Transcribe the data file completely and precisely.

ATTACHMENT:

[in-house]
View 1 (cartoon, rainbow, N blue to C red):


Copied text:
[in-house]
View 1 (cartoon, rainbow, N blue to C red):